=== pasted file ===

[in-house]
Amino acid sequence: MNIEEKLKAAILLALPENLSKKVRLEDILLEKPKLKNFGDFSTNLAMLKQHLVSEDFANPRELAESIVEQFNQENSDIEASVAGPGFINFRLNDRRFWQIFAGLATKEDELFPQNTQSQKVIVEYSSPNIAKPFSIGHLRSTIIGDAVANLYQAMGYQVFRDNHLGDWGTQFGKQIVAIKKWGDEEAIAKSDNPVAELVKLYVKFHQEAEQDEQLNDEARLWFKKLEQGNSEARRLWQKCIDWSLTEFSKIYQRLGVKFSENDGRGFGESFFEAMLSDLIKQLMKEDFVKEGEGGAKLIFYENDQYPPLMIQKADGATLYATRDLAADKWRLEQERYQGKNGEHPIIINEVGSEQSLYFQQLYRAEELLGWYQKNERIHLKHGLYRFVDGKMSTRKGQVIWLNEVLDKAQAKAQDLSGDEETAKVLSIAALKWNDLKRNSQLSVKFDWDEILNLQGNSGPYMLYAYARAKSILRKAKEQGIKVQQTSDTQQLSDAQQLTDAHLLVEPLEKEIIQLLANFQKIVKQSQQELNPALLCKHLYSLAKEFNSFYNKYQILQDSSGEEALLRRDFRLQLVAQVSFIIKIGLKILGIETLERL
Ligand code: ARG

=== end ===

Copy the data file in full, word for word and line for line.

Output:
[in-house]
Amino acid sequence: MNIEEKLKAAILLALPENLSKKVRLEDILLEKPKLKNFGDFSTNLAMLKQHLVSEDFANPRELAESIVEQFNQENSDIEASVAGPGFINFRLNDRRFWQIFAGLATKEDELFPQNTQSQKVIVEYSSPNIAKPFSIGHLRSTIIGDAVANLYQAMGYQVFRDNHLGDWGTQFGKQIVAIKKWGDEEAIAKSDNPVAELVKLYVKFHQEAEQDEQLNDEARLWFKKLEQGNSEARRLWQKCIDWSLTEFSKIYQRLGVKFSENDGRGFGESFFEAMLSDLIKQLMKEDFVKEGEGGAKLIFYENDQYPPLMIQKADGATLYATRDLAADKWRLEQERYQGKNGEHPIIINEVGSEQSLYFQQLYRAEELLGWYQKNERIHLKHGLYRFVDGKMSTRKGQVIWLNEVLDKAQAKAQDLSGDEETAKVLSIAALKWNDLKRNSQLSVKFDWDEILNLQGNSGPYMLYAYARAKSILRKAKEQGIKVQQTSDTQQLSDAQQLTDAHLLVEPLEKEIIQLLANFQKIVKQSQQELNPALLCKHLYSLAKEFNSFYNKYQILQDSSGEEALLRRDFRLQLVAQVSFIIKIGLKILGIETLERL
Ligand code: ARG